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Late Swith

Four of the six confederations will have started their campaigns before the draw for the preliminary competition in Durban on 25 November. Only UEFA and CONCACAF are waiting until next year to begin their qualifiers.
Given the high costs of travel between its remote island members, Oceania jumped at the chance to use the South Pacific Games as the first stage in its qualifying competition. And so it was to Samoa that ten nations trooped in late August and early September to play in the football tournament at the Games, including one non-FIFA member in the shape of Tuvalu, an island nation slowly sinking and with a population of just 7,000.
A late switch in the two-week programme, necessitated by TV coverage demands, meant that the opening game of the 2010 qualifiers changed from the meeting between American Samoa and the Solomon Islands to the derby between New Caledonia and Tahiti, two countries still considered French territory.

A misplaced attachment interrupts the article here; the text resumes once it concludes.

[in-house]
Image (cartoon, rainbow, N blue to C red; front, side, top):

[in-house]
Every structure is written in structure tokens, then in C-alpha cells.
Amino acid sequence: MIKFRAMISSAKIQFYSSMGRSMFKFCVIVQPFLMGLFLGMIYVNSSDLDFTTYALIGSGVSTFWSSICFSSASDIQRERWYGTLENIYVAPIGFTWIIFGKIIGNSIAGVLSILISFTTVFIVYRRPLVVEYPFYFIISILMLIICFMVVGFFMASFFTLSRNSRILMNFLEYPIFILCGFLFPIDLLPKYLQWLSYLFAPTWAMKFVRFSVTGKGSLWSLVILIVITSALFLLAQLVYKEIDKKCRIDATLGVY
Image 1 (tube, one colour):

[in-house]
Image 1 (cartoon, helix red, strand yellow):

There were just three cameras to cover the game as Tahiti got the ball rolling in sweltering heat at the home of the Samoa Football Soccer Federation, built as part of the FIFA Goal programme.
Tahiti striker Axel Williams, without much fanfare, had the first touch of the ball after the whistle had sounded from New Zealand referee Matthew Hector, who took just seven minutes to issue the first yellow card. Two minutes later came the first goal of the qualifying campaign. Imposing Tahiti defender Stephane Gelima was caught out by the pace of New Caledonia winger Iamel Babeu and Hector had no hesitation in awarding a penalty.
Up stepped captain Pierre Wajoka to claim a special place in football history by scoring the first goal, a feat he seemed rather non plussed about afterwards.
“These individual things are not as important as victory for the team,” said Wajoka after his side had held onto their slender lead for the rest of the game, despite being down to ten men from as early as the 40 minute when midfielder Jose Hmae was sent off for hitting an opponent in the face.